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Scott Takes Advantage of Opportunity
Courtesy: Arizona Athletics
Release: 04/24/2013
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Courtesy: Arizona Athletics
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April 24, 2013

by Adam Gonzales

Matt Scott had one of the most tumultuous college careers in Arizona football history. He came out of high school rated as a four-star recruit by Rivals.com, with a lot of hype as a freshman playing behind Willie Tuitama. He played in six games his first year. Scott's final numbers were 7-for-11, 84 yards and a touchdown, and 23 rushes for 188 yards and two touchdowns. As the projected starter his sophomore year, his experience as a true freshman was nothing short of valuable.

Scott came into fall camp with now Philadelphia Eagles quarterback Nick Foles. Scott, a native of Corona, Calif. ended up winning the starting job after camp ended. He started the first three games of the season but that was it. The year did not go as planned, and he would be the first to tell you.

"My fundamentals were horrible," said Scott.

After the Wildcats lost to Iowa, 27-17, Foles took over the starting job, and he wouldn't relinquish it until he graduated. Scott would see some action over the next two years but only in emergency situations. He started two games his junior year after Foles suffered a knee injury in the Washington State game. Scott would start against UCLA and Washington, both resulting in victories.

In 2011, Scott redshirted so he could be the starter as a fifth-year senior. That ended up being one of the best decisions made in Arizona football history.

Scott produced one of the finest seasons an Arizona quarterback has ever had. His final stats included 3,620 yards and 27 touchdowns. He also added 506 yards on 113 carries and six touchdowns. He couldn't have been the starter at a more important time, the first year of the Rich Rodriguez era, and Scott fit perfectly into his system. The Wildcats finished the year at 8-5 with one of the most unbelievable comeback wins over Nevada in the Gildan New Mexico Bowl, where Scott led the offense down the field twice in the final two minutes.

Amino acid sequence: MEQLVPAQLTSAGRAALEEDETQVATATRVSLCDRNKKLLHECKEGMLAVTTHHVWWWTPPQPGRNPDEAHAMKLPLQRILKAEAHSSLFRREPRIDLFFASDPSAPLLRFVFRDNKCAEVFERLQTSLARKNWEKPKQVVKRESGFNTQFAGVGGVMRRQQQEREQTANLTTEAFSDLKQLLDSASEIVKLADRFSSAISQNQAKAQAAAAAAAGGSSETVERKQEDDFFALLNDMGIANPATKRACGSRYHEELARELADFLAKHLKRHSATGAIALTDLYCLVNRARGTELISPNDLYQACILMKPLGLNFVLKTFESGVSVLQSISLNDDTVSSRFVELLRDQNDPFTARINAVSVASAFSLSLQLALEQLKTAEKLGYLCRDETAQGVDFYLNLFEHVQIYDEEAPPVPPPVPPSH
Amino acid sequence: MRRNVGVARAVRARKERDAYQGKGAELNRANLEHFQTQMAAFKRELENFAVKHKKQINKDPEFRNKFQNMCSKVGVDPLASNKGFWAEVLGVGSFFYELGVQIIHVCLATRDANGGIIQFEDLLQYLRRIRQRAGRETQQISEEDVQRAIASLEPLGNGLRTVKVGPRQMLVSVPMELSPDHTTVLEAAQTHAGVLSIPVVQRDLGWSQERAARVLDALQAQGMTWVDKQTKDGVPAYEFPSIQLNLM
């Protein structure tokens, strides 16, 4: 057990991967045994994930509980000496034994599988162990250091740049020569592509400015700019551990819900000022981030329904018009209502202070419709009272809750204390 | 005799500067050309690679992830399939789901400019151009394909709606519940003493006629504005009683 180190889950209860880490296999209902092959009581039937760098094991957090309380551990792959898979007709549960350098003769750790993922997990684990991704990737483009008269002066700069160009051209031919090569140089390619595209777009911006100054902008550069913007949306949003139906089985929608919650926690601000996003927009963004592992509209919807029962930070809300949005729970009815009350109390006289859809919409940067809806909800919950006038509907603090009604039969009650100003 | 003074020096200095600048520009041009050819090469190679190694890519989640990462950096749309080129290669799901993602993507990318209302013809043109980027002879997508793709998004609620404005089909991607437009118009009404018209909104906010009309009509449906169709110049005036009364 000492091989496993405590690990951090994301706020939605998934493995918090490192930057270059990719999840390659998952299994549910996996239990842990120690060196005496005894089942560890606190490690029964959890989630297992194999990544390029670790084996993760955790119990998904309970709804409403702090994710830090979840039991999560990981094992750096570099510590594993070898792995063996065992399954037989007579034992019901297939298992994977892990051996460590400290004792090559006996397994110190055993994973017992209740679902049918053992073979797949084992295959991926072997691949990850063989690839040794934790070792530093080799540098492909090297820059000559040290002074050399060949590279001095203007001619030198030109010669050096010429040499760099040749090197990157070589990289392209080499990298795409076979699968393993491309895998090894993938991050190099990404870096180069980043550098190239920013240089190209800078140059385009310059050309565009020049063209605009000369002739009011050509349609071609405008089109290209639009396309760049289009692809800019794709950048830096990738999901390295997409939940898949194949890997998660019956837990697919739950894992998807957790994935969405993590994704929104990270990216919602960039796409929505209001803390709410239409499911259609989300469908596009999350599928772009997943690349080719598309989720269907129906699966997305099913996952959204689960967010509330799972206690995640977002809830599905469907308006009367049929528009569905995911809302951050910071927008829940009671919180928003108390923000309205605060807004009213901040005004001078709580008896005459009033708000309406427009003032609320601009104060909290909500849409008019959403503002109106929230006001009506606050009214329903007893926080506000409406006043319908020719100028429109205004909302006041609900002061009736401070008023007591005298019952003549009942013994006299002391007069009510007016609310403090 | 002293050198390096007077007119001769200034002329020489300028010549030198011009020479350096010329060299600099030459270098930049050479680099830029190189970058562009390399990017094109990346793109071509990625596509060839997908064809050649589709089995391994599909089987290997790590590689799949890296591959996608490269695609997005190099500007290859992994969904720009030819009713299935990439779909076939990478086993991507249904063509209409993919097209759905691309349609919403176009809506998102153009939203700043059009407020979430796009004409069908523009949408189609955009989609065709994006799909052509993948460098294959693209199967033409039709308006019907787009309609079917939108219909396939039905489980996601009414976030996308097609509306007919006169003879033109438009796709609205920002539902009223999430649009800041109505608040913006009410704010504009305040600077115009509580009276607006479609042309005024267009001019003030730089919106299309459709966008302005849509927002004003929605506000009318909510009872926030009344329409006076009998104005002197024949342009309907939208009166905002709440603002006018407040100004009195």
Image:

Normally, when the season ends, players take some time off to heal after the long season but not Scott.

"As soon as the season ended, I took about a week off and then I went to the East-West Shrine Game," said Scott. "After that I got ready for the NFL Combine and pro day."

Scott is one of the few Arizona quarterbacks to participate in the NFL Combine, and he took complete advantage of it.

"It was a great experience," said Scott. "To have that many great players in one place, and to be able to work out with them was awesome."

 After the combine ended, Scott started to prepare for his pro day. Many NFL coaches came to Kindall Field/Sancet Stadium to watch Scott work out with many other former players.

 "It was nice to be able to come back to school and see the old faces that I used to see every day," said Scott. "I think the combine might have been a bigger deal because I was honored to be one of the few players that was invited."

Scott has nothing but thanks for how much the staff at Arizona helped him to prepare for the NFL Draft. 

"They helped me out a lot," said Scott. "They told me what teams would want me to do in the offseason and they put my name out there. I give nothing but thanks to the staff and the university."

Even though there are many people and coaches who helped him through his career at Arizona, there was one that really stood out to him, former UA quarterbacks coach Frank Scelfo.

"Coach Scelfo really elevated my game," said Scott. "He really helped me with my fundamentals when I got here which was huge for me."

If you turn on the TV and tune in to ESPN this time of the year, within 10 minutes you will see experts like Mel Kiper Jr. and Todd McShay talk about players that are going to be drafted.

"I don't listen to any of it," said Scott. "At this point, I could end up anywhere. Watching that stuff won't help me at all."

Since the quarterback position in the NFL is rapidly changing with the emersion of players like Colin Kaepernick and Robert Griffin III, Scott can have a big impact for the teams that are interested in him.

"I've taken trips to the Eagles, the Bills, the Browns, the Broncos, and the Seahawks came to my high school to watch me work out," said Scott. "I don't have an ideal place to go. All I want is someone to give me a chance. I think I can make a big impact because the offenses are changing because of the new quarterbacks, and I think I can come in and make just as big of an impact."

Scott will not be attending the NFL Draft like most players, but he will be at his home in Corona, Calif.

"I'll watch it at home with my family in Corona," said Scott. "I won't be around the TV though, I'll just be waiting for a call. Maybe I'll go shoot hoops at the park."

Like any player that is getting ready for the draft, Scott is a little nervous but is having the time of his life.

"I'm a little stressed because I don't know where I'm going," said Scott. "It could be on the east or west coast and it's just a long process. It's tiring but I really can't complain. There isn't a better situation I could be in right now."

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